Polybius was an Ancient Greek Historian born around 200 BC, but he wasn’t just interested in history. He also perfected a useful communication code that could for sending messages over long distances. It could also be used as a form of cipher to send secret messages. It was called the Polybius Square.
As he was Ancient Greek he, of course, used the Greek Alphabet. This version uses our Alphabet. His square was just a 5 by 5 grid as below, with rows and columns each labelled with the numbers 1 to 5. The letters of the alphabet are then placed in the grid as shown with I and J pairing up in one square.
Each letter is then encoded using its coordinates – a pair of numbers. He used row then column number. We will use a variation that is consistent with our traditional (x,y) coordinate system, so column number then row. Using this variation P is in position (5,3) so is encoded as 53. POLYBIUS becomes 53 43 13 45 21 42 54 34.
To work out the original message you use the same square, looking up the letters at the coordinates given in the message.
Polybius invented this coding system as a way of sending messages over long distances using torches. Rather than using different patterns of torches to mean whole messages, with his system any message could be sent. With 5 different torch patterns, one for each of the 5 numbers, you could send messages as sequences of these torch patterns. It could be used, in particular, as an improvement to the Hydraulic Semaphore system invented by Tacticus that Polybius wrote about in the history he wrote of the rise of the Roman republic.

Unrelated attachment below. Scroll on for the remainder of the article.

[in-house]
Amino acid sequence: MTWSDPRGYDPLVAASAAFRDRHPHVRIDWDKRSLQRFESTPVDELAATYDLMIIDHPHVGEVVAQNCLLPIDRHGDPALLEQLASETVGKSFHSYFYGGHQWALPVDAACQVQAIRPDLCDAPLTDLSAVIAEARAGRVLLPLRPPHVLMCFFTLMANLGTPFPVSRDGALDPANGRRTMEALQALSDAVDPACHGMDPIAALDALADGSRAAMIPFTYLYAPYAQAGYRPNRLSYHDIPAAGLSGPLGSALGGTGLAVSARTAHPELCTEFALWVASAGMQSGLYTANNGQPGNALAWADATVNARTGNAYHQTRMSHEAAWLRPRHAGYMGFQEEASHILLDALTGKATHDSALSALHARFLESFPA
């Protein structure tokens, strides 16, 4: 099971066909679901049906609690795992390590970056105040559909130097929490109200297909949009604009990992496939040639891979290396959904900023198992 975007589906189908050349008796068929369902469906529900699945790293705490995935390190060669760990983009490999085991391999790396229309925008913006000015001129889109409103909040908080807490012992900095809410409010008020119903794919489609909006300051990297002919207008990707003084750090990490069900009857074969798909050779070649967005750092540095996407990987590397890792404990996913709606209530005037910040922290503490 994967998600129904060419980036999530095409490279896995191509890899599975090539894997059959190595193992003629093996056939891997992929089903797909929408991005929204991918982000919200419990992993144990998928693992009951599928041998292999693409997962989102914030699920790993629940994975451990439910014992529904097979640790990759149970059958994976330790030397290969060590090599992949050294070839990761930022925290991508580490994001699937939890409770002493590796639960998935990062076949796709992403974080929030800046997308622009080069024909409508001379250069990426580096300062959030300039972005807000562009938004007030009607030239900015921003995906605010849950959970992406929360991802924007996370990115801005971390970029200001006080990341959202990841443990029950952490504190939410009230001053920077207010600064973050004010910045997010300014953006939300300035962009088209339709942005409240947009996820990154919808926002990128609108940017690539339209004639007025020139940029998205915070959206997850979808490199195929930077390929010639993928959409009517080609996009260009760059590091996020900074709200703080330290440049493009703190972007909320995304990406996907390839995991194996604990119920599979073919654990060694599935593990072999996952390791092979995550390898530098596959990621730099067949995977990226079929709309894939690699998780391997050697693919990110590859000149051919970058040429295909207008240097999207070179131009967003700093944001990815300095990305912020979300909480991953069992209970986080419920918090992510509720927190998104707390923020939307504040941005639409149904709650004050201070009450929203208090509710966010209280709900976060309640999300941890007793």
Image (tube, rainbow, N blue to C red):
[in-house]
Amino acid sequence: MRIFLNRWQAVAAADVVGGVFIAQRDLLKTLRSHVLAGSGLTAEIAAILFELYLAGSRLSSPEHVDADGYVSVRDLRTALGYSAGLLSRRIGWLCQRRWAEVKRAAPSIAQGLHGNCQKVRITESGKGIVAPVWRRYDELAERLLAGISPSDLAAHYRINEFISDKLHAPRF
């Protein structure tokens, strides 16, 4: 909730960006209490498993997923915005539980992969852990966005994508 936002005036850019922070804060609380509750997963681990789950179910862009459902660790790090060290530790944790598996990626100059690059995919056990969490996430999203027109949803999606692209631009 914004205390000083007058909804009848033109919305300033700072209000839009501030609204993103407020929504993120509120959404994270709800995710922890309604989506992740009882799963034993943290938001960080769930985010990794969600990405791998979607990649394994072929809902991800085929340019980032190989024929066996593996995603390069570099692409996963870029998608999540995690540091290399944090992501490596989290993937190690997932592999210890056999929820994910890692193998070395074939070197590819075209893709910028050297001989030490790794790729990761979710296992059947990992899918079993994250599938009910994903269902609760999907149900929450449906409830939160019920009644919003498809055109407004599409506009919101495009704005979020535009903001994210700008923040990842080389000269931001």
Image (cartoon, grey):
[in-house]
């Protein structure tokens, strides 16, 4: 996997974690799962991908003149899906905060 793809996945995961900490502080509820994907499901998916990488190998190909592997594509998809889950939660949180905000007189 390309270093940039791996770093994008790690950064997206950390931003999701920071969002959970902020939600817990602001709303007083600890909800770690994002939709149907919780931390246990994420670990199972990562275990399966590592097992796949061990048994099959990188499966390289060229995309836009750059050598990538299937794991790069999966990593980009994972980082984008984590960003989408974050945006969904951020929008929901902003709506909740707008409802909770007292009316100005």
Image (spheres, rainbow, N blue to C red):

This is an early version of a communication network based on numbers. We use that same basic idea now to send messages as numbers but over computer networks instead of torch ones.
Though Polybius intended his system as a telegraphy system it could also be used as a secret code – a cipher – too. Rather than using torches you could just write the numbers down on paper as a secret message. Now we would find it quite easy to crack, but it would have been as secure as other ciphers of the Greeks and Romans.
Polybius may not have realised this, but, as it only uses 5 numbers, his system could also be the used as the basis of steganography, where the message is hidden in plain sight. For example, with 5 different colours or kinds of stitch, each standing for a different number, messages could be sown in to a rug or quilt.
Ancient Greek Computer Science
This work was supported by the Institute of Coding, which is supported by the Office for Students (OfS).